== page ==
Canada will be hosting a late-season World Cup tour in 2016. An exciting development for North-American skiing, the proposal cleared yet another hurdle at the International Ski Federation (FIS) 2014 Congress last week in Barcelona, Spain, after receiving a set program.
The Tour du Canada will feature eight stages starting March 1, 2016 and continuing until March 12.
Commencing with a city sprint in downtown Gatineau, Quebec, the tour will then travel to Montreal and Quebec City. Competitors will then either take a train or chartered flight to Alberta, where they will compete in the final four stages, which will take place at the Canmore Nordic Centre and Lake Louise.
“It’s an ambitious plan,” said Chris Grover, chairman of the FIS Committee for World and Continental Cups (as well as the U.S. Ski Team head coach) on the phone last Friday. “They are trying to create something special, which was the request of FIS – to find something special in a non-World Championship and non-Olympic year to draw viewership back to cross country in the second half of the season. The Canadians have really stepped up to the plate.”
The newly slated Tour du Canada was previously scheduled for February, but was moved to the end of the season to accommodate athletes’ travel schedules and maximize participation in the tour.
“It’s going to challenge athletes and it’s going to challenge teams, and that’s why ideally we would need to have it at the end of the season,” Grover said. “At the best we get the absolute greatest participation and I think it’d be an incredible way to finish the season.”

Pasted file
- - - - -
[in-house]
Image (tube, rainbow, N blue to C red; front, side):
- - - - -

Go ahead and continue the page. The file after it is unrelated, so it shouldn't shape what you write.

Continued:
The move to the end of the season does, however, pose a conflict in regards to scheduling. With the placement of the Canadian tour in March, traditional spring venues such as Lahti, Drammen, Oslo, Falun, and Stockholm will need to be rescheduled.
While it may be easy for cross country to make the calendar change in 2016, coordinating with the remaining nordic disciplines is where the true challenge lies.
“It’s not as easy as saying, ‘cross-country would like to do this’,” Grover explained. “It really requires coordination between all of the nordic disciplines. The changes would be really positive for our schedule going forward, are not necessarily easy for the other disciplines to make, especially when they are traditionally blocked out those Scandinavian venues for March.”
Despite the disruption to the traditional calendar, Grover said that he didn’t witness any opposition to the proposal during his time at the congress. In fact, he said the tour’s move to March had the possibility to ensure that other World Cups are also highly attended. If the tour had been held in February, athletes returning to Europe from may have skipped some World Cups.
While the changes to the rest of the schedule are still being finalized, the reorganization will aid in the creation of the 2016/2017 season because the international-racing circuit needs to visit South Korea for a pre-Olympic World Cup.
“It’s very hard to put something like a stop in South Korea into a schedule that is primarily focused on races in Europe, especially on a year that includes the World Championships,” he added. “So ideally something like that would go at the end of the year, but then we run into the same scheduling conflicts.”
The Tour du Canada, in addition to the 2015/2016 and 2016/2017 World Cup calendars, will be revisited by FIS in the coming months to finalize logistics.
Lander Karath is FasterSkier's Associate Editor from Bozeman, Montana and a Bridger Ski Foundation alumnus. Between his studies at Middlebury College in Vermont, he is an outdoor enthusiast and a political junkie.